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Expert: TSA Screening Is Security Theater

TSA Head Disputes Claim, Tells <b>60 Minutes</b> Measures Are Necessary Because "This Is A War"

Experts say that one thing that has made air travel safer is something the airlines did: harden cockpit doors.

As for TSA's high-priced technology and its 50,000 screeners, Bruce Schneier thinks there are more effective ways to spend the money. "We take away guns and bombs so the terrorists use box cutters. So we confiscate box cutters and corkscrews and they put explosives in their shoes. We screen shoes and they use liquids. We take away liquids, and they're gonna do something else."

"So what do you do? What do you do? You just throw up your hands and…?" Stahl asked.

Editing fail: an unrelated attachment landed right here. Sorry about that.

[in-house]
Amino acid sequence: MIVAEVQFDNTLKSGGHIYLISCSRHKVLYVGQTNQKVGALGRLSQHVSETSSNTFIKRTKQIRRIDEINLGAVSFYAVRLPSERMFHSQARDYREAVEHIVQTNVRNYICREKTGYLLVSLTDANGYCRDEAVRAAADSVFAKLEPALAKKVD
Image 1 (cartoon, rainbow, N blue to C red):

"Well, most security has to happen before the airport. You think about the liquid bombers who were captured in London. They were captured because of investigation and intelligence. If you want to deal with the terrorist threat, you've gotta do it before they get to the airport," Schneier said.

But Kip Hawley at TSA says we have to do both: intelligence work and screening at the airports.

"You have said some alarming things to us today. You've said, 'America is under attack,'" Stahl pointed out. "You've said, 'They're out to kill us.'"

"Some people will say that you're saying those things to scare us and to justify all the things that TSA does," Stahl said.

Hawley told Stahl that's not true.

"That what you do at the checkpoints is not really making us safer. It's just making us feel safer. It's almost like theater," Stahl added.

"Yeah, this isn't theater. This is war," Hawley said. "We understand the American public doesn't have 9/11 in the front of their mind. But it's why the TSA was created: to never forget. And that's what we do every day every shift every checkpoint is never forget. And it's our pledge to the public and our commitment to ourselves. Stop those attacks."

Produced by Karen Sughrue